‘The Rat Trap’ Review: Together for Better, but Mostly for Worse

Sheila Brandreth and Keld Maxwell are in love and about to get married. She is a novelist and he is a playwright, both at the start of their careers: It’s a union made in literary heaven, and Sheila (Sarin Monae West) looks forward to “the joy of working together and helping one another to make our way in the world.”

But when Keld (James Evans) is out of earshot, Sheila’s roommate, Olive Lloyd-Kennedy (Elisabeth Gray), offers a more jaundiced perspective. “You are much the cleverer of the two,” she tells Sheila, “and because of that I prophesy that you will be the one to give in.”

Alas, it is Olive who is right.

This is not much of a spoiler considering that the play is called “The Rat Trap,” the title revealing a gloomy — cynical souls might say realistic — view of marriage as terribly wrong for one party, possibly even both. That this all ends on an uncompromisingly depressing note is all the more startling considering that the show, presented by the Mint Theater, was written in 1918 and is meant to be a comedy.

Then again, its author is Noël Coward, whose view of matrimony was like a cocktail of Champagne and strychnine.

Written when Coward was 18, “The Rat Trap” was first staged in London in 1926 and is just now making its American debut. Elements of his signature style already figure in this piece of juvenilia, including such epigrams as “Marriage nowadays is nothing but a temporary refuge for those who are uncomfortable at home.” What’s more remarkable is that the teenage Coward had an uncanny sense of the agonizing friction between artistic ambitions and domestic life.

Alexander Lass’s underpowered production at New York City Center does not bother exploring some tantalizing possibilities — like, for example, the nature of Olive’s feelings for Sheila — and it does not quite manage to hit either the comic highs or the dramatic lows. (There are also some questionable set and blocking choices, like a sofa positioned in such a way that the actors sitting on it must contort themselves to avoid showing their backs to the audience.)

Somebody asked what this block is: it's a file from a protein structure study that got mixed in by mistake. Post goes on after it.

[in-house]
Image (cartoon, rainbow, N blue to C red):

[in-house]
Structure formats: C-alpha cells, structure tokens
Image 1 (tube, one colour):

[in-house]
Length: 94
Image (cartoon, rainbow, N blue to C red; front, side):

But West shines, first as a woman in love then as one who shrivels into seething disillusion when her career stalls while her husband’s blossoms. Because of course Sheila’s ambitions end up taking a back seat to his. “I gave up my working brain for you,” she tells Keld, who responds with a classic anthem of weaselly self-justification.

The play appears to suggest this imbalance is baked into the conventions of bourgeois relationships. But it also satirizes the bohemian pretensions of Naomi Frith-Bassington (Heloise Lowenthal) and Edmund Crowe (Ramzi Khalaf), a couple of proto-hipsters who prefer free love to the officially licensed kind.

Coward later wrote that “The Rat Trap” had some merits, but “the last act is an inconclusive shambles.” He was too harsh — the ending is trenchant rather than inconclusive. In love as in war, it seems to say, everybody loses.

The Rat Trap
Through Dec. 10 at New York City Center Stage II, Manhattan; Running time: 2 hours 10 minutes.

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